Have you seen a show or movie about a huge heist lately? The “Mission Impossible” type of movie or perhaps the TV show “Leverage?” One of the things you will notice is that there is always one computer hacker on the team these days. To steal something large and valuable seems to require computer access. Yesterday I can across a post by Mark Cuban titled Breaking Down Bernie Madoff. The Madoff “Ponzi Scheme” is a theft or con game of the highest magnitude. Cuban points out that is almost sure had some programmers who wrote the software that was used to track everything going on. He’s probably right.
Computer fraud and theft is, unfortunately, not just the stuff of fiction and the movies – its real. The line from Spiderman is “with great power comes great responsibility” and computer knowledge fits that completely today. Some 15 years ago when I was working on my masters in CS an ethics course was a requirement. It made sense and makes even more today. We don’t have courses in ethics in high schools, let alone middle schools, that often but I think we can and should have some conversations about it. Many students see using computers as a game. They see it as a world where the normal rules do not apply. We need to teach them that the normal rules do apply.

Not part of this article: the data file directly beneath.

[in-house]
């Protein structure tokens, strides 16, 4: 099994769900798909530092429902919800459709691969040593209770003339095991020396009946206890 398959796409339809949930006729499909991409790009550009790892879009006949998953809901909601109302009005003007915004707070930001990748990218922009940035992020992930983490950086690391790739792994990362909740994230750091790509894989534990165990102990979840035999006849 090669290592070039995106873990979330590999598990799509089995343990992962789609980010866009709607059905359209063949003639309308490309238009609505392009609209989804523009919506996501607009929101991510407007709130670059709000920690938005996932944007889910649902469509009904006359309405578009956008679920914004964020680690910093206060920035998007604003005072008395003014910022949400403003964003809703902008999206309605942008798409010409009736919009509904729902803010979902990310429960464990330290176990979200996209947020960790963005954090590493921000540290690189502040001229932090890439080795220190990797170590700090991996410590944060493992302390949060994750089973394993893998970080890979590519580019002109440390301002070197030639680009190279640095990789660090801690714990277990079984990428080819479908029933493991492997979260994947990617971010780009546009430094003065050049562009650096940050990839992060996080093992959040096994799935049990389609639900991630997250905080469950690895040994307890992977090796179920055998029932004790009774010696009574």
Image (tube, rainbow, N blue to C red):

Online activities have offline consequences. Stealing online is still stealing. And people with computer skills have an obligation to “say no” when asked to do illegal and/or unethical things. “Just following orders” doesn’t work for much of anything and it shouldn’t. Do we prepare students with a sound philosophic base for making ethical decisions? Perhaps we should be thinking about how that fits into the curriculum.
Note: Other posts I have written relating to ethics may be found at http://blogs.msdn.com/alfredth/archive/tags/Ethics/default.aspx